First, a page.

Social media pervade the lives of millennials, who
work more closely together, leverage right- and left-brain skills, ask the right questions, learn faster and take risks previous generations resisted. They truly want to change the world and will use technology to do so. 
Organizational structures are adapting to this demand for transparency and inclusiveness which are critical for successful innovation and learning. As firms become granular and each worker is empowered with more responsibility, they will require an open culture of sharing information in order to perform their own task efficiently. There is a natural inclusiveness when workers, particularly in newly formed organizations, participate in formulating the mission and strategizing the goals of their firm.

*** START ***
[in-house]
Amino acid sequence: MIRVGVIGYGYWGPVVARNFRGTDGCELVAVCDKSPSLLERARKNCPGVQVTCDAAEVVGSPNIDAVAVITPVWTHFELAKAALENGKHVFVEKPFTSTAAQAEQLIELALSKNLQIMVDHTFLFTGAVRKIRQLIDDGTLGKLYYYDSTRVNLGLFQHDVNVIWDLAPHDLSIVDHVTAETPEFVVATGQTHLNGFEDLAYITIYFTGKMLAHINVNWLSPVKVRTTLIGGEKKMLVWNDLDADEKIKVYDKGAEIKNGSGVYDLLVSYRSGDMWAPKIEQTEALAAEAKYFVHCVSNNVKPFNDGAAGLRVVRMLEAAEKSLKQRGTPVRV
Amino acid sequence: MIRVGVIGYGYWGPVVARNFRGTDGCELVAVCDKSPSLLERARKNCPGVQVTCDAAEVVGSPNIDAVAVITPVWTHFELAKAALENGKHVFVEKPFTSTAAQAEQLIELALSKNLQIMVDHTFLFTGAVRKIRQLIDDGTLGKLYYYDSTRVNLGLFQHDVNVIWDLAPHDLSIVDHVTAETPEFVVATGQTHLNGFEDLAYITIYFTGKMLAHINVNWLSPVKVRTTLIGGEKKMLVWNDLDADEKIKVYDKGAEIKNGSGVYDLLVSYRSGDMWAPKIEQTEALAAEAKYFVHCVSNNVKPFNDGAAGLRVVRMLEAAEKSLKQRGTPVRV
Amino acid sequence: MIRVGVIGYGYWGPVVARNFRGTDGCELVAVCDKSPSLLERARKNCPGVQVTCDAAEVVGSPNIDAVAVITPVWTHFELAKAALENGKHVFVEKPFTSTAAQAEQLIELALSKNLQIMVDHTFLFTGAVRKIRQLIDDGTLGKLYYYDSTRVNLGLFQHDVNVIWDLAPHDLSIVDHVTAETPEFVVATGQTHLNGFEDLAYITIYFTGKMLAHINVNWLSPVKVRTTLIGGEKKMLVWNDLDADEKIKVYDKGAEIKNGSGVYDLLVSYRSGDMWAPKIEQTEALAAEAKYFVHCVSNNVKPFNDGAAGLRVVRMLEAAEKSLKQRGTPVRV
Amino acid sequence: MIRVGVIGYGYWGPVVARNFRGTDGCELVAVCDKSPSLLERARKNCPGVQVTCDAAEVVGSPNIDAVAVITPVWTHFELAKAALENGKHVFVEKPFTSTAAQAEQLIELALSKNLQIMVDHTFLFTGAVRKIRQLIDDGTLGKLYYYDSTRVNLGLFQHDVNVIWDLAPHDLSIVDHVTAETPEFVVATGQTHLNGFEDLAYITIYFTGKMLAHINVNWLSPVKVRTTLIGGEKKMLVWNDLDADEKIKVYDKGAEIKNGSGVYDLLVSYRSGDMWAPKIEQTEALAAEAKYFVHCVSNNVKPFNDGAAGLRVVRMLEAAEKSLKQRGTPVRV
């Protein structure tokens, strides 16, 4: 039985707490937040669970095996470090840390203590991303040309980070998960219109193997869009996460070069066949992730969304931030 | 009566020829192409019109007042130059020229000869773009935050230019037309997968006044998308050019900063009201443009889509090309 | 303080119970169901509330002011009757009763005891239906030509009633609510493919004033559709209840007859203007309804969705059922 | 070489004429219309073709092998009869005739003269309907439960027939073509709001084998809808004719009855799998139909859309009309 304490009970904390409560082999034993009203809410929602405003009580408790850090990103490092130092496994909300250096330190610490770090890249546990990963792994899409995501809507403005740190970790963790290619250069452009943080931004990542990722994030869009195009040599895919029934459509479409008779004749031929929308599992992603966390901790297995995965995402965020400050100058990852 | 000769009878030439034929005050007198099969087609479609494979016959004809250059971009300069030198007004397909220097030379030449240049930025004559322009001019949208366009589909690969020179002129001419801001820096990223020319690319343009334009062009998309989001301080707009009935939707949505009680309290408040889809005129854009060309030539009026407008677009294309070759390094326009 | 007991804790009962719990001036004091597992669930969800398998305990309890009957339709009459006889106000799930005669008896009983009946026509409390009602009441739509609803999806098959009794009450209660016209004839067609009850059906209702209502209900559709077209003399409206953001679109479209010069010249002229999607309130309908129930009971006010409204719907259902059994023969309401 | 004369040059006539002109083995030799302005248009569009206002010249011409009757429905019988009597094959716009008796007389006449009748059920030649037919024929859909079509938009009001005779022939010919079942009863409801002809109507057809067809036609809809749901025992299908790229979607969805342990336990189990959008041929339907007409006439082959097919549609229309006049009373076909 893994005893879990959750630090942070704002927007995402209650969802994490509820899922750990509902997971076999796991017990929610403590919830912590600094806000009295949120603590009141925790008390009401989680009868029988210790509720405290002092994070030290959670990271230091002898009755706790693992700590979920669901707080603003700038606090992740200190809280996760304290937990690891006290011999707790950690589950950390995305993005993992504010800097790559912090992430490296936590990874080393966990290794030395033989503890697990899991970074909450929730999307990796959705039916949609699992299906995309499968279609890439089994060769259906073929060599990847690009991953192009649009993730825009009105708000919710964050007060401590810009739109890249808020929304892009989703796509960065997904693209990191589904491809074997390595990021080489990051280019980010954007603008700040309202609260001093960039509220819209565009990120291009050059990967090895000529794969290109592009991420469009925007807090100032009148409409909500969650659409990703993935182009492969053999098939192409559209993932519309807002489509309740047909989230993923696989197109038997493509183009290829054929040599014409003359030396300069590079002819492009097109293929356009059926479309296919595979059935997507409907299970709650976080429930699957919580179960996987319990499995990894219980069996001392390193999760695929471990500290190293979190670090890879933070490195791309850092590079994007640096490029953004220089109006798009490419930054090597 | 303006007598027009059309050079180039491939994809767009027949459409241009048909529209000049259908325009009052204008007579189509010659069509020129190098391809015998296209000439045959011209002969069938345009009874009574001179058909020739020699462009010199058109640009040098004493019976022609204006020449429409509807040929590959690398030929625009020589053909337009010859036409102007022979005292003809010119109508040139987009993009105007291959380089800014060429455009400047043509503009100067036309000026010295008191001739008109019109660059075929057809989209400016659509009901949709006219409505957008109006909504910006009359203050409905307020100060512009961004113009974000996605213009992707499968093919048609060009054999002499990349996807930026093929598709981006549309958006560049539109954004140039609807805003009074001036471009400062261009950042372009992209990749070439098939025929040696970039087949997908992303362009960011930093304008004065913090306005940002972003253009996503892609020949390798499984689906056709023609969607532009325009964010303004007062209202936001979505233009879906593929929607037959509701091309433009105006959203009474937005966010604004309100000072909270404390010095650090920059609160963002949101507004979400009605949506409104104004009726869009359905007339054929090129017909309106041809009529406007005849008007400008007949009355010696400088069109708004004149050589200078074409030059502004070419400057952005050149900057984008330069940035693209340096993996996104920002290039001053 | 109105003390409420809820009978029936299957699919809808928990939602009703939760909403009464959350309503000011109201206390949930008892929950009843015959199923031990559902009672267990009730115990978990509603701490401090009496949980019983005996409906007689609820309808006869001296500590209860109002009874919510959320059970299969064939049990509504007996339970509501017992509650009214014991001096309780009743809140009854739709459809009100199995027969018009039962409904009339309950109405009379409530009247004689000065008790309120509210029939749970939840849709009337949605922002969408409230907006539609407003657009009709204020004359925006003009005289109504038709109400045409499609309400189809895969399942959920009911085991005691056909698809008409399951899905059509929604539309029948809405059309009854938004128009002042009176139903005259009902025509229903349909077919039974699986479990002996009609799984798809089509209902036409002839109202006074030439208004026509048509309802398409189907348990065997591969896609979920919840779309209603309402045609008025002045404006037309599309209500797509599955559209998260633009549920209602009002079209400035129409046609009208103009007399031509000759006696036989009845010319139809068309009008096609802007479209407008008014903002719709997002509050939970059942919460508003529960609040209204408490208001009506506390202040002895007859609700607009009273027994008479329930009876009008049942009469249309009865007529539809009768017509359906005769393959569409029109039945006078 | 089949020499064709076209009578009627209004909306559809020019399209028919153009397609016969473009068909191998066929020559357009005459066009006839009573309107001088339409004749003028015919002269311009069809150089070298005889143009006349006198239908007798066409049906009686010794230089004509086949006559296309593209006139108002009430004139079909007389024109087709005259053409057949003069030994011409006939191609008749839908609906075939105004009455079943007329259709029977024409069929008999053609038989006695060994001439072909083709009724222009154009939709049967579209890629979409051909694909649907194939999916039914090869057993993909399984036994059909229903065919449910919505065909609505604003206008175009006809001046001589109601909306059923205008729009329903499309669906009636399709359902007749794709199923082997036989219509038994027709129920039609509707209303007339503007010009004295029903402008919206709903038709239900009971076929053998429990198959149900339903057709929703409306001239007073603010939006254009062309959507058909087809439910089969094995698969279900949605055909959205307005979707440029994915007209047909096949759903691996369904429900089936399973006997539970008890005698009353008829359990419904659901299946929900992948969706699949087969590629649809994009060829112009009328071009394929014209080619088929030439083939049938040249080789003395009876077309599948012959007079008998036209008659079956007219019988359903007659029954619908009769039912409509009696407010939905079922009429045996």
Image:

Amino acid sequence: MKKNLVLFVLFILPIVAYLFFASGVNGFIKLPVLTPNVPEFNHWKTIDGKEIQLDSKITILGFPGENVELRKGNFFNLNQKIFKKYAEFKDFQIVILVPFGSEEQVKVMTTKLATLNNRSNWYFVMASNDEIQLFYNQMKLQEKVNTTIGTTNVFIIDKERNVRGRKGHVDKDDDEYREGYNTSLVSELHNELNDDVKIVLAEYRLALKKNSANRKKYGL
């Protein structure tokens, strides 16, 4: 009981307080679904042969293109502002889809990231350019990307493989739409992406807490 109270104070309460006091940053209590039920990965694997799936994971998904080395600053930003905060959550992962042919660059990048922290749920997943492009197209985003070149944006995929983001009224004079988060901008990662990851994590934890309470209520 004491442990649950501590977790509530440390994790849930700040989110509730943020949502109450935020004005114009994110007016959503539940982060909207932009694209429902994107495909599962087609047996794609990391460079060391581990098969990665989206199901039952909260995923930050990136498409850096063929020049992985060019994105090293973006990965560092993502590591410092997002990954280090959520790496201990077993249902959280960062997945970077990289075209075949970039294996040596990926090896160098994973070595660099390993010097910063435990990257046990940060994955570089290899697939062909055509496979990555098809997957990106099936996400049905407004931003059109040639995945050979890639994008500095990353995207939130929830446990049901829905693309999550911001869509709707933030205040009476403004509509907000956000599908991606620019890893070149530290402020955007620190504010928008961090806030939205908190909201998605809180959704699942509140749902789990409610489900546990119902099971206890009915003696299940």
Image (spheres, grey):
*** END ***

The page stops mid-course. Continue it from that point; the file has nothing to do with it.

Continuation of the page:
Companies are now using social networks to create a pool of willing and competent candidates in the inventory of prospective employees. Maintaining ties with recent job applicants and former employees is valuable in screening candidates. The older hiring process requires intermediaries, who post a job, receive resumes and conduct interviews, all on behalf of clients. The interactive environment made possible by social networks facilitates deeper skill-integration of employer and employee. For example, last year Zappos planned to have candidates join a social network called Zappos Insiders where “they will network with current employees and demonstrate their passion for the company” in the expectation that the company will call them should the need arise .